When watching the show together she will laugh at some joke with a very specific nerd culture reference. I will ask “How can you laugh at that? You can’t possibly know what they are talking about.”
She will respond, “But I know that you got it. That’s what makes it funny.”
So this reinforces Fenzel’s theory that Penny is the centerpiece of the show. She is the audience surrogate into the subculture. She is there to remind the nerds that they are nerds. Without her the show is The IT Crowd or Silicon Valley which are much more niche shows.
Which brings up another point. BBT is not about nerds. It’s about sex. Chuck Lorre’s formula is [Blank] plus Smutty Jokes.
Two and Half Men – Charlie Sheen and Smutty Jokes
Mike and Molly – Fat People and Smutty Jokes
Mom – Recovering Addicts and Smutty Jokes
Dharma and Greg – Hippies and Smutty Jokes
There is a through-line here. BBT started with some of the worst possible stereotypes of sexually frustrated men. It was a veritable catalog of incels with the worst being Wolowitz as a rapey pick-up artist type. The show’s blatantly misogynistic sexism has been discussed many, many times. Perhaps most thoroughly in this You Tube video:
Whenever I push the theory that BBT is a minstrel show to normie friends the pushback is “But Sheldon is sooo adorable.” They sincerely don’t see what is offensive about it. So I just give up.
My one defense of the show used to be that at least they got the geek right. The science was semi-plausible and the pop culture discussions were ripped right from Fidonet flamewars. But even that has gone by the wayside. The current finale season centers around Sheldon and Amy doing joint physics/neurobiology research which puts them in the running for a Nobel Prize. Disregarding the very woo-woo science babble, that is not the way ANY of this works. Nobel prizes don’t get awarded until decades after the research is done and confirmed and vetted and made a cornerstone of other research. It’s just quit caring. Like Game of Thrones they are marching to an endgame and all logic and plausibility are being thrown to the wayside.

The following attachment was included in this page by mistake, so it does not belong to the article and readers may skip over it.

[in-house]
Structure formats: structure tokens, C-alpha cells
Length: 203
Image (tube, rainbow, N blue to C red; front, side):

The show it most resembles in its 12-year arc is M*A*S*H where all the sharp edges have been worn away in softening the characters of all their objectionable traits. As the show goes on it strays further and further from its original focus as everybody becomes nice and safe and relatable. There are no villains and every show has a happy ending. It’s run its course but at least it is going out on top until they spin-off their AfterMASH or Joey.
Little noticed is that the show is being ended because of Jim Parson’s Broadway ambitions. I’ve seen his two recent Broadway runs. Dear God was a jokey one-man-show which traded on his Sheldonesque delivery. Much more ambitious was the revival of The Boys In The Band with its all-star all-out cast including new Spock Zach Quinto and Magic Mike’s Matt Bomer.
Both of these productions ran just after Tony eligibility for the year ended because of Parson’s BBT shooting schedule. Boys In The Band got no Tony nominations this year. Parsons and, to a lesser extent, the rest of the cast have Friends-level never have to work again money which allows them to do passion projects to their hearts content, much of which will be to break away from their career-defining dork roles.
There is a single one-hour finale left and we need to see if it sticks the landing (a very oblique reference to Melissa Rauch’s The Bronze) of if it crashes and burns.
Speaking of celebrating an inexplicably popular television program… Will OTI be doing any Eurovision coverage this year??
I’m sorry to say that we skipped making videos this year. A combination of professional and personal life events made it unfeasible.
We will be at The Liberty in Herald Square, NYC watching the contest — drop a line if you happen to be there and you want to come hang out.
Sadly, while attending the OTI Eurovision party has been a dream for many years, finding time to travel to NYC in mid-May has never worked out. :( Maybe next year!
(Any recommendations for other sources to get coverage? I didn’t realize how much I relied on OTI’s background research until it was absent.)
Hi Liffer! I’m partial to wiwibloggs.com. The best and worst thing about them is they post WAY too much stuff. Like, they exhaustively cover each and every national selection show. They’ll follow up on when Eurovision competitors put out albums, years later. But if you ignore like 90% of their posts you’ll get the gossip and analysis you crave.